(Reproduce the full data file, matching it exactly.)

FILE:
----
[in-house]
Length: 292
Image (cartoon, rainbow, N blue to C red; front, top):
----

[in-house]
Length: 292
Image (cartoon, rainbow, N blue to C red; front, top):